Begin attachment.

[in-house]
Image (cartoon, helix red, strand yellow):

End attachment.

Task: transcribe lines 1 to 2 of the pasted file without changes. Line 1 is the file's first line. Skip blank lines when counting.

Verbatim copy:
[in-house]
Image (cartoon, helix red, strand yellow):